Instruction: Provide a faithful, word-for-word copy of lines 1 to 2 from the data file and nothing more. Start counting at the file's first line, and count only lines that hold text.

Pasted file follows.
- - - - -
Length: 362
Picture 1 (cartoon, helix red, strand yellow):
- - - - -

Length: 362
Picture 1 (cartoon, helix red, strand yellow):